Jobs UK will find you jobs in research, science, academic and related professions. Although this site lists some jobs in other countries, it primarily exist to help you find a job in the United Kingdom.

The good thing: frequently updated with many jobs from the UK, probably the best source of academic jobs in the UK, email newsletter, RSS feeds, career advice, podcasts, blogs

The bad thing: email newsletter and RSS feeds are general, and there is no way to receive only the jobs you prefer

Tips: Subscribe to Health & Medical category either by email newsletter or RSS feed. When new jobs arrive to your inbox you will have to do a little bit of work by yourself, to scan through all of them and find PhD studentships.


Nature jobs
Naturejobs is a part of a Nature publishing group, publisher of Nature (the world’s foremost weekly scientific journal), web portal. It is much more than a mere database for research jobs, as here you can find career podcasts and vodcast, news, magazines, advice etc.

The good thing: daily updated directory of numerous prestigious research positions from across the globe, lot of jobs, tags assigned to each job, RSS feeds, additional services offered to job posters, extra content like career advice

The bad thing: to receive email alerts you need to register

Tips: You can look for jobs by opening a category, for example studentships, or you can use their advance search to really pin point jobs you are looking for. Their RSS feed service is excellent. You can transform any search query into a feed.

International Scholarships is an international scholarships and financial aid website. Their scholarship database is developed by international students in order to help fellow students.

The good thing: a substantial number of PhD scholarships from around the World, lot of jobs not listed elsewhere, email newsletter, RSS feed, forum, comments 

The bad thing: many old, expired studentships, no advance search, no specific email newsletters and RSS feeds

Tips: Worth visiting because sometimes you can find positions not listed elsewhere, although you can get very frustrated when you realize deadlines for lots of listed studentships have expired a long time ago.

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Drugs from your inbox

Spam, or unsolicited e-mail, is everywhere and shows no signs of slowing down. In fact, it will never go away, at least not until people keep buying the stuff spammers offer. And oh boy aren’t there always some new suckers in the cyberspace. However, things get far less amusing when human health gets into play. Have you noticed that a high percentage of spam you receive today is health-related?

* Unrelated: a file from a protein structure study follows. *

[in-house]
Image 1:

It is just this health-related spam that Peter Gernburd and Alejandro Jadad from the Centre for Global eHealth Innovation from Canada wanted to find out more about. In September 2007 issue of PLoS Medicine, an open-access, peer-reviewed medical journal, they published a very interesting paper on this subject titled “Will Spam Overwhelm Our Defenses? Evaluating Offerings for Drugs and Natural Health Products”E/mail spam selling drugs
In their research they used three e-mail accounts, unfiltered for spam, to gather all the spam they could get in the period of one month. Among all the received spam messages, they picked out the health-related ones, defined as those which included offers of interventions that could modify a physical, cognitive, behavioral, or emotional state in humans (e.g., medications, natural health products, devices, or professional services). All Web links included in such messages were further analyzed.

During the study period researchers received 4,153 spam messages, out of which 1,334 or 32% were health related. Majority of these messages (73%) were sent from the United States.

Scientists tried to order prescription drugs and natural health products from Web sites advertised in these messages. Online drugsEventually, they received 9 orders (5 prescription drugs and 4 natural health products). Some of the products they managed to buy where Clalis (for erectile dysfunction), Tramadol (for pain), Valium and Xanax (for anxiety and other disorders). There was no report of any evidence of credit card abuse by the spammers, except for one undelivered product.

What the study lacked, but authors promised to report on in the near future, was the analysis of the actual purchased pharmaceutical products to reveal whether they are genuine, fakes, and most importantly are they dangerous.

You can read the complete paper on PLoS Medicine Web site.